Certain spots at Discovery Cove are so secluded and tranquil, it’s as if you’ve got the entire place to yourself. For instance, as I trotted through the nature trail near the entrance, the only sounds I heard were birds chirping and my sister’s gushing about how much this place rocks. Instead of being surrounded by people, we were welcomed by the sweet smell of jasmine and ginger plants and shaded by gigantic stalks of bamboo.
Discovery Cove, you must understand, only allows 1,000 guests per day and none of them were on the nature trail. It was with this sense of isolation that we wandered over to the new SeaVenture attraction and scooted our way down a ladder into 70-degree water. As I did so, a 70-pound helmet, which was connected to an air supply, was lowered onto my shoulders. Picture what a snork looks like — you know, those cartoon characters with snorkels attached to their heads — and you’re not far off.
Soon enough I was 15 feet underwater trotting along the sea floor with ease. I came eye to eye first with my sister, who was doing some sort of Irish jig, and next with a swarm of sharks. There were nurse sharks, zebra sharks, Australian leopard sharks, blacktip and whitetip reef sharks. And all in one place! It wasn’t scary at all, however; I was staring them down through an eight-foot-tall, 21-foot-long panoramic window.
It was serene to the nth degree. The only noise I could hear, in fact, was the steady stream of bubbles coming out of my helmet as I lumbered along; it’s kind of like walking on the moon, I suppose, but surrounded by fish.
Our group of six followed along a rope while our instructors pointed out the marine life. I turned to my left to spot a Magna Doodle (another flash from the past) with the word “sardines” scribbled on it, as in: “Look! there are thousands of those shiny suckers gliding right past your wetsuit.”
Next up: another panoramic window housing venomous lionfish, exotic eels and the occasional grouper. And then came some interaction: we each held a pokey, little sea urchin and posed for photos.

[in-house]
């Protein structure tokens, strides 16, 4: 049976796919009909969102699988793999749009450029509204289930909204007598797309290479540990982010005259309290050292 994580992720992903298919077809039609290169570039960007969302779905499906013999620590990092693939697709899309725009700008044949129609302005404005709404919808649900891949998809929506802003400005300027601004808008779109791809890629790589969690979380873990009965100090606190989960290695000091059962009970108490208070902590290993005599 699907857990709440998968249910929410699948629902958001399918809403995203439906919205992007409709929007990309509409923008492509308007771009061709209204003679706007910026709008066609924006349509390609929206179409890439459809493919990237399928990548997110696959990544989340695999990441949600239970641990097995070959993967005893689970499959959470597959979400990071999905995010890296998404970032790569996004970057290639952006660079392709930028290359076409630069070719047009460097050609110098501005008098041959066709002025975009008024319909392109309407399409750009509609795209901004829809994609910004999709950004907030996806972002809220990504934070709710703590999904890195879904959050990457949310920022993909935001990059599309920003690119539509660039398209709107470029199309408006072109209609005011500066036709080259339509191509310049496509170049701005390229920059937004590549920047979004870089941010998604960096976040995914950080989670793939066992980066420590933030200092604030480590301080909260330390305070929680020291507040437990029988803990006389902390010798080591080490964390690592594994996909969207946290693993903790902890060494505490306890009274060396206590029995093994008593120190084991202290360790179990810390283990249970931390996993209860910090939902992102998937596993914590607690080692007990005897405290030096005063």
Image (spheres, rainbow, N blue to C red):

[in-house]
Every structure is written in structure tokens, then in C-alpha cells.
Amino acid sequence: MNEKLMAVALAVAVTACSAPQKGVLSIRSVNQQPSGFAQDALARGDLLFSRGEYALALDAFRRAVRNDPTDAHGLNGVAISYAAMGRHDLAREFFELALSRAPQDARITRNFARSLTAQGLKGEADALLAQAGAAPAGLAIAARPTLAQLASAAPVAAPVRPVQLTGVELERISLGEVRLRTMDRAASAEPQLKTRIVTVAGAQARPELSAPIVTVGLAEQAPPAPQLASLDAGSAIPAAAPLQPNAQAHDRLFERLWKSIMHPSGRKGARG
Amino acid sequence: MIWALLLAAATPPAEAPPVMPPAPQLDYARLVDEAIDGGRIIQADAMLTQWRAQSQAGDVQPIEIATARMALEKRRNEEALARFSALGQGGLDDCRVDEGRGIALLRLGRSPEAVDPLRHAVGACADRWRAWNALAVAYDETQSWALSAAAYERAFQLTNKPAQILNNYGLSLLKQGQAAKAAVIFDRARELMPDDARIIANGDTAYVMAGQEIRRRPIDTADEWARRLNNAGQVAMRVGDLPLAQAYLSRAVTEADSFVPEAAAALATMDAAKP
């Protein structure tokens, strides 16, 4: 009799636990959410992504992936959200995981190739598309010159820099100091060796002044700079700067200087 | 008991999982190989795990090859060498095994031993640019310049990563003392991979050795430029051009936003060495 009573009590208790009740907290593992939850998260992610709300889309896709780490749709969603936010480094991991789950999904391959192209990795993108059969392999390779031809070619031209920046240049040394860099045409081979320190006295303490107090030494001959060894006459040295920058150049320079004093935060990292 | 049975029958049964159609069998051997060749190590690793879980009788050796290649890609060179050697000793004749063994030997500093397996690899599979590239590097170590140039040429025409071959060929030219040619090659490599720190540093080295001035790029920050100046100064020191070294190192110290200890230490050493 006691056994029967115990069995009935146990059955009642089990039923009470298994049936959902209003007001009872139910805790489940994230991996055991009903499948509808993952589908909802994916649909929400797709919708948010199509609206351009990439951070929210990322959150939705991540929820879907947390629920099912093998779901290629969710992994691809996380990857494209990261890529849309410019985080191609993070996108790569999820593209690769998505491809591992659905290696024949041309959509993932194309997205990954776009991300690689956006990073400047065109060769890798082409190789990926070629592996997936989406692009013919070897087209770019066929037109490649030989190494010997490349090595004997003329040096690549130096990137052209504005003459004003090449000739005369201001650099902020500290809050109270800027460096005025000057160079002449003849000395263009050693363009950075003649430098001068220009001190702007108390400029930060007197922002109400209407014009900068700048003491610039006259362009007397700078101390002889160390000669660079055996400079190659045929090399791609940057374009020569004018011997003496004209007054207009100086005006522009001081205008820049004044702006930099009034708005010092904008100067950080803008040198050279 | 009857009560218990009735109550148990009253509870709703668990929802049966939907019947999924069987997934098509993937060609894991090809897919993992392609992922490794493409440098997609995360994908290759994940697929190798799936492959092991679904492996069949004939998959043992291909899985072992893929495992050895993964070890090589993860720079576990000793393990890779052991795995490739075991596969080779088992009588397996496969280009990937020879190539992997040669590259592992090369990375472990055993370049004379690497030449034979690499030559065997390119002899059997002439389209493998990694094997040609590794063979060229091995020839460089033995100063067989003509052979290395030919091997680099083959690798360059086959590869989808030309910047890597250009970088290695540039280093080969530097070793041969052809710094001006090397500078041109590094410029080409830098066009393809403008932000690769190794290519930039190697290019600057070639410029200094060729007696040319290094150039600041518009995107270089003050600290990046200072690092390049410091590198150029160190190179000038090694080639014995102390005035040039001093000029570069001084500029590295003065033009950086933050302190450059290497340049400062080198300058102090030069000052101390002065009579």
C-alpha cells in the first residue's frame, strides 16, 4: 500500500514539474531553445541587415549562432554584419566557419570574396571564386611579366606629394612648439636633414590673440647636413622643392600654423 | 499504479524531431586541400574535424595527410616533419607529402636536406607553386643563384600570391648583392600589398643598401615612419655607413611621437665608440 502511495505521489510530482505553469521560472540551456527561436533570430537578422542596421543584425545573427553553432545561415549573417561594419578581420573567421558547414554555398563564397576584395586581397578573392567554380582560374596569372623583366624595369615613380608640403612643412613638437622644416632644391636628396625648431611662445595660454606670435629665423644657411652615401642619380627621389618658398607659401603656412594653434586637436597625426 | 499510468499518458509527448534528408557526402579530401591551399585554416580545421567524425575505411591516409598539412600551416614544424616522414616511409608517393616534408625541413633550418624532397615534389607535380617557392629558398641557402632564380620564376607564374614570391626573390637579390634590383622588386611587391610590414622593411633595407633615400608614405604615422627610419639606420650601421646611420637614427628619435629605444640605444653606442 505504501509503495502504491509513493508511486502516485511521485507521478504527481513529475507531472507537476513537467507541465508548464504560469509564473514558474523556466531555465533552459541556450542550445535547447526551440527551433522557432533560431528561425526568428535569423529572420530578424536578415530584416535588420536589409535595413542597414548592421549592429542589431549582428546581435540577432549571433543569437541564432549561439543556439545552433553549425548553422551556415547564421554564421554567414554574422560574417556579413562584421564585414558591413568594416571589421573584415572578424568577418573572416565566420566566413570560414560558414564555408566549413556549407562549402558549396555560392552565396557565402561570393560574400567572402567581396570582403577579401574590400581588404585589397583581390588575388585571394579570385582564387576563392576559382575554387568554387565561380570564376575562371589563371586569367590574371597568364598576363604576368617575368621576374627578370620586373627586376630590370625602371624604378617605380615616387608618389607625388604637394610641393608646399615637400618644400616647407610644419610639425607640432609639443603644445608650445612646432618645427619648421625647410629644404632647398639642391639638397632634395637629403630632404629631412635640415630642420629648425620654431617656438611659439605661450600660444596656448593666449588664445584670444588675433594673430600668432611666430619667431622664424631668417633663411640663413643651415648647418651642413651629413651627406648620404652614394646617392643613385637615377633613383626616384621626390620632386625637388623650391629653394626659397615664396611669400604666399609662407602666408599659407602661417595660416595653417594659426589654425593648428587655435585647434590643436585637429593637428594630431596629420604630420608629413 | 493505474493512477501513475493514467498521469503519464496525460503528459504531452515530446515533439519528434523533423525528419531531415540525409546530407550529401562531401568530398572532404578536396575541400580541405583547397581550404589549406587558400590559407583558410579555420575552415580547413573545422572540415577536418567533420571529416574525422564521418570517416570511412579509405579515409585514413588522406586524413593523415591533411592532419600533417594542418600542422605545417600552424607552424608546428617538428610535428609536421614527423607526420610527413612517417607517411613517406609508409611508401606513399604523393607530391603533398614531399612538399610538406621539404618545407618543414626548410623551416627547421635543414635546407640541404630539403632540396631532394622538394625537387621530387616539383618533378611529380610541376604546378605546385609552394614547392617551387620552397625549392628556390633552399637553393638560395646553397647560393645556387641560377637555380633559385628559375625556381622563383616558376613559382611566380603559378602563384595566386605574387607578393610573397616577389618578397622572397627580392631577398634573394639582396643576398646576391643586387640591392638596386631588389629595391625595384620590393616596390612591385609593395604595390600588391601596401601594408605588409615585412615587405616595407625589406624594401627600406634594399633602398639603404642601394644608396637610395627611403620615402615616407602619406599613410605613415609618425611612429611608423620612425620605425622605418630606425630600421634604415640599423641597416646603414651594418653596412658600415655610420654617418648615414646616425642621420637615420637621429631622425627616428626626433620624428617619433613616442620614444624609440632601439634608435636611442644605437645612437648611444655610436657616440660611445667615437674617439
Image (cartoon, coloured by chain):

Not long after that, I began spotting eagle rays, some with a wing span of five feet. Their smiley mouths and utterly graceful movements had me enamored. (Later in the day I learned that Discovery Cove has one of the few – and most successful – eagle ray breeding programs in the world.)
At the end of our walk, the woman in front of us was handed a capsule (think palm-sized, tylenol-shaped container) that, once opened, flooded the water with fish food.
My sister anxiously grabbed the Magna Doodle, and questioned: “Can we feed the eagle rays?”
“No, they are not used to being fed yet,” the instructor replied. Not surprising, since this underwater walking tour just debuted in mid June. No bother, though, we were content just being near the massive rays; now, if I could just get the Snork theme song out of my head, I’d be ecstatic.
6000 Discovery Cove Way, Orlando
Scuba certification is not required. The program is about an hour long for groups of up to six people per excursion. The cost is $59 per participant. Seasonal rates for Discovery Cove’s Dolphin Swim Day Resort Package start at $199 (rates for Day Resort Package without dolphin swim experience and guests ages 3-5 start at $129). Prices vary seasonally. For reservations or more information, visit DiscoveryCove.com or call 1-877-434-7268.